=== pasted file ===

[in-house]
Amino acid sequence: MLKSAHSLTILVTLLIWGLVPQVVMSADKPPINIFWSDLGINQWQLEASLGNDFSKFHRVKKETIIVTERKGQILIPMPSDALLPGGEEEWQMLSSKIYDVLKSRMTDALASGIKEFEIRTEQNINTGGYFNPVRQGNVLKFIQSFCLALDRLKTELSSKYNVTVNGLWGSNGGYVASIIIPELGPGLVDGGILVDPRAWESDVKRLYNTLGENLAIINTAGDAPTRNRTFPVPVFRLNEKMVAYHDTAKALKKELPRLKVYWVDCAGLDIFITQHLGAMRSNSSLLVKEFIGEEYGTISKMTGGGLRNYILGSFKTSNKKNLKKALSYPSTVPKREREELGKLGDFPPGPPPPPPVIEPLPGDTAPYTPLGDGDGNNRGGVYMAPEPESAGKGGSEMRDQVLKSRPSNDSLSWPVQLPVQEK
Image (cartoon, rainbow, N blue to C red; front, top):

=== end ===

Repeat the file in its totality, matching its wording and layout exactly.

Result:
[in-house]
Amino acid sequence: MLKSAHSLTILVTLLIWGLVPQVVMSADKPPINIFWSDLGINQWQLEASLGNDFSKFHRVKKETIIVTERKGQILIPMPSDALLPGGEEEWQMLSSKIYDVLKSRMTDALASGIKEFEIRTEQNINTGGYFNPVRQGNVLKFIQSFCLALDRLKTELSSKYNVTVNGLWGSNGGYVASIIIPELGPGLVDGGILVDPRAWESDVKRLYNTLGENLAIINTAGDAPTRNRTFPVPVFRLNEKMVAYHDTAKALKKELPRLKVYWVDCAGLDIFITQHLGAMRSNSSLLVKEFIGEEYGTISKMTGGGLRNYILGSFKTSNKKNLKKALSYPSTVPKREREELGKLGDFPPGPPPPPPVIEPLPGDTAPYTPLGDGDGNNRGGVYMAPEPESAGKGGSEMRDQVLKSRPSNDSLSWPVQLPVQEK
Image (cartoon, rainbow, N blue to C red; front, top):